Students protesting the UC tuition hike continued their efforts Tuesday, rallying inside Wheeler Hall and speaking at an event commemorating the 50th anniversary of the sit-in during the Free Speech Movement.
The noon rally was held by students from Open UC, a movement protesting the university’s tuition plan, and featured speakers from a wide range of groups to discuss the tuition hike and other issues. About 4 p.m., some of the student protesters spoke at the commemoration of the 1964 UC Berkeley sit-in at the steps of Sproul Plaza, known as the Savio Steps.
While Open UC’s most recent event — a march Nov. 24 through campus and Downtown Berkeley — focused on protesting the tuition hikes, Tuesday’s rally also included other issues such as a grand jury’s decision to not indict Ferguson, Missouri, police officer Darren Wilson, environmental concerns and housing costs at University Village.
Rally speakers featured campus and community members such as members of UC labor unions Teamsters Local 2010 and American Federation of State, County and Municipal Employees Local 3299.
“(The regents) are making decisions based on business and not on social justice,” said Khalid Kadir, a campus global poverty and practice lecturer. “They are treating the price of education as if it’s strictly of economic value, not considering the social value of this institution.”
At the rally, some students complained that UCPD officers removed posters, their sleeping bags and other belongings from the hall Monday night. Yet UCPD Lt. Marc DeCoulode said there was no record of officers moving possessions from Wheeler Hall.
Early Tuesday morning, UCPD told people sleeping in Wheeler Hall to leave because they were in the building during closed hours. Protesters had declared the protest over, and one person was not a student, DeCoulode said.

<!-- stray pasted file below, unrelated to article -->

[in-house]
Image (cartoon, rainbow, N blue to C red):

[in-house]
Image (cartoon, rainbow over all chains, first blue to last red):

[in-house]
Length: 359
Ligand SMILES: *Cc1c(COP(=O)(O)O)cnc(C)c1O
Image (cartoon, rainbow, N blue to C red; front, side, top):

“There is a difference between a protest and people lodging in buildings,” he said.
Two hours after the rally ended, Robert Cohen, a visiting lecturer in the campus history department, held a Free Speech Movement commemoration on the Savio Steps.
The event was originally supposed to take place inside Sproul Hall’s lobby, where the 1964 sit-in occurred, but was moved because campus officials were concerned it could lead to an occupation of the building, according to Cohen. Sproul Hall was on lockdown throughout the day.
Some student protesters from the rally who attended the commemoration criticized the event, calling for people to concentrate less on the past and instead join them in fighting current issues. They said that people should “stop commodifying the movement” and that freedom of speech is still limited on campus.
Cohen disagreed, saying that the past and the present are not in opposition.
“This is public history, and these are hard-won struggles that brought this campus the right to free speech,” Cohen said.
At the commemoration, students from Cohen’s class read excerpts from letters written by UC Berkeley students during the Free Speech Movement about their participation in the sit-in and their resulting arrests.
“Will you sit by idly as tuition increases for students?” said UC Berkeley junior Julian Marenco, after reading a letter. “How will you leave a mark on this campus?”